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Embedded in his Being

Ramon Est?vez, better known as Martin Sheen, became a graduate of the University of Dayton Sunday morning, saying he was "deeply moved" by the ceremony honoring him for a lifetime of humanitarian action that, at the same time, fulfilled his father's dream for him.

The University of Dayton awarded Sheen an honorary doctor of humane letters degree for his commitment to peace, social justice and human rights, exemplifying the Catholic, Marianist university's mission.

Sheen said the ceremony, in combination with a family reunion the day before, resurfaced his father Francisco in a deeply personal way, and reminded him of the connection between the University and his family. Many members of his extended family were in attendance including sons Ramon and Emilo, grandchildren, four siblings and a host of other extended family members.

"I was not prepared for the deep emotional crack it made in me," he said in an interview after the event. "This was about my dad. I had to come here, I had to celebrate him. I had to recognize him."

He recalled that his father, Francisco, was determined that his son would attend the University of Dayton, putting money aside every month for that purpose. But Sheen, equally determined to go to New York and begin a career in theater, intentionally failed the University's entrance exam to convince his father that college was not for him. 

When he accepted a long-standing invitation from the University to receive the honor, Sheen said he had not really focused on the event, but the memories and emotions stirred by his family's reunion put him in a different frame of mind.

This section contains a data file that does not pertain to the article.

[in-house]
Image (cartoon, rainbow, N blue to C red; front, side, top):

"I began to realize that this was a celebration and I was very much a part of it, this University was so important to our lives. I learned last night I was practically born on K Street (now part of campus)," he said. His brothers Frank and Mike graduated from the University and his sister Carmen attended for two years before she left to join his growing family in New York.

"So this community is alive and deeply embedded in my being. And I had to celebrate that and I had not realized how really moving this would be and how important it would be. It was quite a celebration.

"I have been swept along by this extraordinary truth: that we all come from a place and we all want to stand for something."

Sheen challenged the 1,441 graduates not merely to stand for something but to act on it, to go out and see "the absolute need for justice, healing and mercy that unites us" and to "help heal our broken world wherever we may find it.

"We are all responsible for each other and the world. No one has ever made a contribution without personal suffering, self-sacrifice and some times even death."

Sheen grew up just a few blocks from the University and graduated from Chaminade High School, both founded by the Society of Mary, a Roman Catholic teaching order. He has said the Marianist teachings of the priests and brothers helped shape his commitment to social justice, service and peace. 

He has spoken out against war, abortion and capital punishment. Among the causes he has supported are the environment, workers' rights and human rights.

A celebrated actor with a career spanning nearly 50 years, Sheen has achieved fame for performances in the theater, television and film. Among his best-known roles: President Josiah Bartlet in television's The West Wing, a serial killer in the film Badlands and a troubled soldier during the Vietnam War in Apocalypse Now.

A leader in human rights education, the University of Dayton established the nation's first undergraduate human rights studies program. More than 100 students have graduated from the program and pursued careers as human rights advocates and academics or humanitarian professionals in legal, governmental and nonprofit sectors.


News and Communications Staff